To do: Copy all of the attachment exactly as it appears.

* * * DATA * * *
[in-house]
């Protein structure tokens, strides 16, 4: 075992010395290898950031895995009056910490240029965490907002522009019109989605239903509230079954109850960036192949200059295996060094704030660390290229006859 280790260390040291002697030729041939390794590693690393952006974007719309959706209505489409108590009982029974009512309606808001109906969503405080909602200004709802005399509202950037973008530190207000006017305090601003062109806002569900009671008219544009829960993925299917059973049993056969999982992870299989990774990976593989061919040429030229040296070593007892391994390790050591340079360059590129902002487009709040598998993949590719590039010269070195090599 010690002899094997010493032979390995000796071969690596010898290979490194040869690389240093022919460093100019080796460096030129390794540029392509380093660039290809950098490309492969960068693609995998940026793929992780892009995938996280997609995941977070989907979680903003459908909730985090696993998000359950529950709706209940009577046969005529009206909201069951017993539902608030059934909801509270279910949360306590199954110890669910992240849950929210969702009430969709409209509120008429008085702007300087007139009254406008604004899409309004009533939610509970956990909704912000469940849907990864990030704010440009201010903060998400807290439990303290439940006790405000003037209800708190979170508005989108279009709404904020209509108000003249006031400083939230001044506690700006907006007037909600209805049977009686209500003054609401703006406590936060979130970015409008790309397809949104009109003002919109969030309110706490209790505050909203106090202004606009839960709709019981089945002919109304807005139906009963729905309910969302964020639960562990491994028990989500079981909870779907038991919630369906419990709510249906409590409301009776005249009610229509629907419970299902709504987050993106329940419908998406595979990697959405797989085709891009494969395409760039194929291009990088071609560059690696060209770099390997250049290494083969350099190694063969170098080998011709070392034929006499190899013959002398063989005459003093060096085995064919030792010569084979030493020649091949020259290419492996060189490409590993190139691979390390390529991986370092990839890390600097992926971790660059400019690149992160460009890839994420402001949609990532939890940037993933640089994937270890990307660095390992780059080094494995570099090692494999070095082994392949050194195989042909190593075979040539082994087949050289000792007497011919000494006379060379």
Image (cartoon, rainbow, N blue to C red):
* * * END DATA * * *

[in-house]
């Protein structure tokens, strides 16, 4: 075992010395290898950031895995009056910490240029965490907002522009019109989605239903509230079954109850960036192949200059295996060094704030660390290229006859 280790260390040291002697030729041939390794590693690393952006974007719309959706209505489409108590009982029974009512309606808001109906969503405080909602200004709802005399509202950037973008530190207000006017305090601003062109806002569900009671008219544009829960993925299917059973049993056969999982992870299989990774990976593989061919040429030229040296070593007892391994390790050591340079360059590129902002487009709040598998993949590719590039010269070195090599 010690002899094997010493032979390995000796071969690596010898290979490194040869690389240093022919460093100019080796460096030129390794540029392509380093660039290809950098490309492969960068693609995998940026793929992780892009995938996280997609995941977070989907979680903003459908909730985090696993998000359950529950709706209940009577046969005529009206909201069951017993539902608030059934909801509270279910949360306590199954110890669910992240849950929210969702009430969709409209509120008429008085702007300087007139009254406008604004899409309004009533939610509970956990909704912000469940849907990864990030704010440009201010903060998400807290439990303290439940006790405000003037209800708190979170508005989108279009709404904020209509108000003249006031400083939230001044506690700006907006007037909600209805049977009686209500003054609401703006406590936060979130970015409008790309397809949104009109003002919109969030309110706490209790505050909203106090202004606009839960709709019981089945002919109304807005139906009963729905309910969302964020639960562990491994028990989500079981909870779907038991919630369906419990709510249906409590409301009776005249009610229509629907419970299902709504987050993106329940419908998406595979990697959405797989085709891009494969395409760039194929291009990088071609560059690696060209770099390997250049290494083969350099190694063969170098080998011709070392034929006499190899013959002398063989005459003093060096085995064919030792010569084979030493020649091949020259290419492996060189490409590993190139691979390390390529991986370092990839890390600097992926971790660059400019690149992160460009890839994420402001949609990532939890940037993933640089994937270890990307660095390992780059080094494995570099090692494999070095082994392949050194195989042909190593075979040539082994087949050289000792007497011919000494006379060379």
Image (cartoon, rainbow, N blue to C red):